IESC Engineering Science leaders met in the University of Toronto from 25-26 June 2019 to discuss matters related to IESC. Two new potential partner institutions - University of Auckland and Cornell University were invited as observers and it is hoped that in the near future, they will join the present 7 institutions - KTH Royal Institute of Technology, Osaka University, University of Toronto, University of California Berkeley, National University of Singapore, University College of London, and The University of Queensland. Prof CM Wang was elected to be the Chairperson of ISEC for the next two years.

The leaders discussed short-term programmes (including research internships) and short courses for students and faculty members belonging to the Consortium. Joint and double degree programs were also discussed. The information on these new developments will be posted on the IESC webpage and these developments bodes well for all ESP students and staff.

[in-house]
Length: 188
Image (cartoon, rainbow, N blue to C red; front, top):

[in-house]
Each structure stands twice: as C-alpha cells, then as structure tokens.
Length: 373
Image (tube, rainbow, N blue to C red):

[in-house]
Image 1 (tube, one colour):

The meeting also featured interesting talks from various engineering science leaders that include Introduction to Institute for Datability Science (by Genta Kawahara, Osaka University), Applied Science & Technology and Engineering Science at UC Berkeley (Daryl Chrzan, UCB), The NUS Experience with Multi-Disciplinary Design Projects (Anjam Khursheed, NUS), Modelling of Tough, Doubly Crosslinked, Single Network Hydrogel at the Interface between Science & Engineering (Leif Kari, KTH Sweden), Floating Solutions for Challenges facing Humanity (CM Wang, University of Queensland), Transdisciplinary Engineering Science - Person-Environment-Activity Research Laboratory (Nick Tyler, UCL), Bridging Engineering and Science through Design, Build and Test (Jason Foster of UoT). Engineering Science leaders got a treat to view the innovative UoT engineering science student projects (that include a machine to pack shuttlecocks, to check if the bagel is cooked). Also there was a Workshop: Engineering Science as a Discipline: Foundations, Pedagogy and New Directions that was facilitated by Lisa Romkey and Nikita Dawe from the University of Toronto.

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